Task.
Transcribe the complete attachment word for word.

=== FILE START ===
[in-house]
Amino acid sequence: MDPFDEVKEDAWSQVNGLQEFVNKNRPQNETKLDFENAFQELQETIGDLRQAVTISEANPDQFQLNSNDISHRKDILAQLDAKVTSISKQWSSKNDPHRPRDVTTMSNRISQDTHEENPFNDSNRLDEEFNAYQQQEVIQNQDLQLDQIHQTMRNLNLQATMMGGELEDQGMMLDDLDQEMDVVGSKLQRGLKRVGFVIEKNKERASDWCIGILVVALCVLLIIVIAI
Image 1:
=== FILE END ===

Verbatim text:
[in-house]
Amino acid sequence: MDPFDEVKEDAWSQVNGLQEFVNKNRPQNETKLDFENAFQELQETIGDLRQAVTISEANPDQFQLNSNDISHRKDILAQLDAKVTSISKQWSSKNDPHRPRDVTTMSNRISQDTHEENPFNDSNRLDEEFNAYQQQEVIQNQDLQLDQIHQTMRNLNLQATMMGGELEDQGMMLDDLDQEMDVVGSKLQRGLKRVGFVIEKNKERASDWCIGILVVALCVLLIIVIAI
Image 1: